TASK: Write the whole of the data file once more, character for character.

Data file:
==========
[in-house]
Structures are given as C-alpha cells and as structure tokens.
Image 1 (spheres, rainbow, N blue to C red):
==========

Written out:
[in-house]
Structures are given as C-alpha cells and as structure tokens.
Image 1 (spheres, rainbow, N blue to C red):